India to chair 3 key UNSC committees
India on Friday took a tacit swipe at Pakistan for backing cross-border terrorism as it announced it would be chairing three key UN sanctions committees, including the Taliban sanctions committee, during 2021-22.
TS Tirumurti, India’s envoy to the UN, said the country was asked to chair three important subsidiary bodies of the Security Council – the Taliban sanctions committee, the counter-terrorism committee and the Libya sanctions committee. The move follows India joining the Security Council as a non-permanent member for 2021-22.
India will chair the Taliban sanctions committee – also called the 1988 sanctions committee as it was formed through resolution number 1988 in 2011 by splitting the 1267 sanctions regime on al-Qaeda – amid growing concern worldwide at alarming levels of violence in Afghanistan that has been blamed on the Taliban.
“The Taliban sanctions committee...has always been a high priority for India, keeping in mind our strong interest and commitment to peace, security, development and progress of Afghanistan,” Tirumurti said in a video message.
Without naming Pakistan, he added: “Our chairing this committee at this juncture will help keep the focus on the presence of terrorists and their sponsors threatening the peace process in Afghanistan. It has been our view that peace process and violence cannot go hand in hand.”
After a recent visit to Pakistan by a Taliban delegation led by Mullah Abdul Ghani Baradar, videos emerged of the group’s leaders visiting terror training camps on Pakistani soil and meeting injured fighters at a hospital in Karachi. One of the videos showed Baradar – the group’s main negotiator at peace talks in Doha – telling Taliban members that the group makes all decisions related to the negotiations after consulting its leadership and clerics’ council based in Pakistan.
External affairs ministry spokesperson Anurag Srivastava said India and Afghanistan are contiguous neighbours, and New Delhi, which has invested heavily in peace and development in the war-torn country, will support all efforts to usher in peace and stability there.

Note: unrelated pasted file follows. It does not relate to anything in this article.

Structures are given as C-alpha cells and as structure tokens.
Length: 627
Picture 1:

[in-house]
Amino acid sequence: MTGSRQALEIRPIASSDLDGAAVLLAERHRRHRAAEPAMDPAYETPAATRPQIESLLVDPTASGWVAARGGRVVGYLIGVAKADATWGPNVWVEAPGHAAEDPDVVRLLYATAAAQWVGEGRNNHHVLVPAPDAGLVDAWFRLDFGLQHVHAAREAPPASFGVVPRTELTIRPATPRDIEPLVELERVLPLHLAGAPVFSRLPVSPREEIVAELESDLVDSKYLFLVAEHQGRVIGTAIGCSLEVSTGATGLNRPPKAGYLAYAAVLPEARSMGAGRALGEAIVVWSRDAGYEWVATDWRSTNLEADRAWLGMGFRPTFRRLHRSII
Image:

“Our position on the peace process has also been articulated. The peace process must be Afghan-led, Afghan-owned and Afghan-controlled. As an important stakeholder, we look forward to working towards a peaceful, prosperous, sovereign, democratic and united Afghanistan,” he said.
Referring to the counter-terrorism committee, which will be chaired by India in 2022, Tirumurti noted the panel was formed in the aftermath of the 9/11 terror attacks in New York and that India had led it during its last stint as a non-permanent member of the UN Security Council during 2011-12.
“The chairing of this committee has special resonance of India, which has not only been in the forefront of fighting terrorism, especially cross-border terrorism, but has also been one of its biggest victims,” he said.
The Libya sanctions committee, also known as the 1970 sanctions committee, is a “very important subsidiary body” of the Security Council that implements a sanctions regime, including a two-way arms embargo, assets freeze, travel ban and measures to prevent illicit export of petroleum, Tirumurti said.
India will chair this committee at a “critical juncture, when there is international focus on Libya and on the peace process” in that country, he added.
Sameer Patil, fellow for international security studies at Gateway House, said India’s chairing the Taliban sanctions committee will make a difference as it will have the ability to set the agenda.
“One way we make a difference is agenda setting. Member states can only make representations and the country that is the chair sets the agenda. This allows you to discuss issues which may not have been discussed earlier. The chair can also take up unsolicited issues. That’s the single-most important aspect of being the chair – the members may disagree but the chair can make a point by bringing an issue to the table,” he said.
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